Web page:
Destination USA: Minnesota State Fair

Gallery of Minnesota State Fair Highlights


Minnesota State Fair

By TurtlesTravel

A photo collection from a weekend at the Minnesota State Fair 2014

  • Fair Rides

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  • State Fair Taffy

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  • Corn Roast Workers

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  • Fried Fruit on a Stick

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  • Giant Slide

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  • Equine Barn

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  • Deep Fried Twinkies

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  • Martha's Cookies

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  • The Corn Roast

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  • Double Bacon Corn Dogs

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Memories of the Fair

I have wonderful memories of Cape Cod’s Barnstable County Fair, an annual event dating back to 1844! We’d eat fried dough and cotton candy, ride the rides ’til we were dizzy and watch my sister participate in the horse shows. On really special years, we got to visit to The Big “E,” in western Massachusetts. The Big “E” brings together the six New England States: Massachusetts, Rhode Island, Connecticut, New Hampshire, Vermont and Maine. I loved to buy maple candy in the Vermont building, and try my luck at the ring toss and throwing darts at balloons or squirting water into the clown’s mouth for a chance at winning a huge stuffed animal.

Agricultural Roots

Fairs and festivals are fascinating snapshots of society. Most state fairs in the US have agricultural roots. People came together around the finest livestock, new farming methods, and industrial and commercial innovations. Fairs have always included competitions like cow milking, pulling, best of breed, horse shows, awards for the largest or most beautiful vegetables or fruits, baking and cooking contests. (TIME has a slideshow with some wonderful historical photos!) Over the years, exhibitors expanded to include handicrafts, art and business demonstrations. On the entertainment front, the midway always includes classic rides like the Ferris wheel and merry-go-round, new high-intensity rides, and games of chance and skill. At the fair you can also satisfy a taste for the bizarre with “freak shows” and spectacles designed to thrill and amaze. There are concerts and performances to enjoy on stages and grandstands as well.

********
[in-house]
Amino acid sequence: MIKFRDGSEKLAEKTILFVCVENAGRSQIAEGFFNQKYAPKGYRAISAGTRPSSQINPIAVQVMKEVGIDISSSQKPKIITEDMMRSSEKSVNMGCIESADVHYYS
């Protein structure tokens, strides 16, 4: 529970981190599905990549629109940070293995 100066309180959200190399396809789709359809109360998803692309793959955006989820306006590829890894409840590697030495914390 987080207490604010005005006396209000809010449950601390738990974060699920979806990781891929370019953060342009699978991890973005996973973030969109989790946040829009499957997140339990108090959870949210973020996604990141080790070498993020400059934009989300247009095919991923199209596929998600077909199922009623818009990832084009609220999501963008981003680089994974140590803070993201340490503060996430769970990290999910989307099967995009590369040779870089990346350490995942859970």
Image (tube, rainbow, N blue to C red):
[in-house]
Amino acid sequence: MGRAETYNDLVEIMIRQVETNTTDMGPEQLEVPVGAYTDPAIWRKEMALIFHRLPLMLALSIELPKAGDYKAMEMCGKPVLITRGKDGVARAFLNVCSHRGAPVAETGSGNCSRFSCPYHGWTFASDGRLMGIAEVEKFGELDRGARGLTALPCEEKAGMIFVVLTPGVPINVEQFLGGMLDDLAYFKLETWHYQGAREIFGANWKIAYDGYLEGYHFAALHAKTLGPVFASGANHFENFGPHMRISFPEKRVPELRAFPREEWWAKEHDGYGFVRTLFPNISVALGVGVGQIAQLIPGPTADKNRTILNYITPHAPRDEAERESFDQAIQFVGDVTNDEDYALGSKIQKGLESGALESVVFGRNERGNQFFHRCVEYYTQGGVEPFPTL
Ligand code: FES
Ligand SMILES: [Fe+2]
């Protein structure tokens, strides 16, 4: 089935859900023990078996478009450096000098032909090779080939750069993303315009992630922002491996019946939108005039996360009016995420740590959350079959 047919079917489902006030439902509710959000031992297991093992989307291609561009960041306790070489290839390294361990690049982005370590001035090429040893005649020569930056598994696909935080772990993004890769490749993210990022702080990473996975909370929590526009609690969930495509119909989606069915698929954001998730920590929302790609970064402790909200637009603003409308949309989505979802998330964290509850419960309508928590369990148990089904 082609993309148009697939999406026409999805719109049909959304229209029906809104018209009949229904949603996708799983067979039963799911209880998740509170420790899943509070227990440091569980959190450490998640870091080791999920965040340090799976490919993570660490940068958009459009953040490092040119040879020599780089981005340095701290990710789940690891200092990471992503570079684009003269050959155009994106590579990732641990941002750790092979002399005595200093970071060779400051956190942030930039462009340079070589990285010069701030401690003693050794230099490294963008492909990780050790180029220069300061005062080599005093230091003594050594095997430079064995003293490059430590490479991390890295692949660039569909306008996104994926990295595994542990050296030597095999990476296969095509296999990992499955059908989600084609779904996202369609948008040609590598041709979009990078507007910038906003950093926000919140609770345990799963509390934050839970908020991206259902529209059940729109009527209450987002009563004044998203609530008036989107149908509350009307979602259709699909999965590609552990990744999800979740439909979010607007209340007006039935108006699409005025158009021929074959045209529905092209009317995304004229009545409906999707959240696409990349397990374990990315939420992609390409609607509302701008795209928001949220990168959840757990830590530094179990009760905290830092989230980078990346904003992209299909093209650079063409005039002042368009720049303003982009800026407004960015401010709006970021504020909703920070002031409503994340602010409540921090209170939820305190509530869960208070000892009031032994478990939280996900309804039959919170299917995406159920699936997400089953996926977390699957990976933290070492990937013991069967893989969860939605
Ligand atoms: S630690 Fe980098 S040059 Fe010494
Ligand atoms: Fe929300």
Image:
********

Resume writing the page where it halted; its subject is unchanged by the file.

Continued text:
We’ve had the opportunity to visit a number of state fairs in our travels as mobile marketing tour managers. These long, multiple days at the fair have given us a unique perspective. We’ve seen the famous Butter Cow at the Ohio State Fair, and taken part in local dancing in the shadow of Big Tex at the Texas State Fair. We’ve attended the Minnesota State Fair not once but twice! This one was hectic, but we still made time to walk around and take in the sights. This year the fair had the highest attendance in its 150 year history, with the last Saturday seeing over 252,000 people. Total attendance over the 12 days of the fair came in at 1,824,830!

Minnesota State Fair History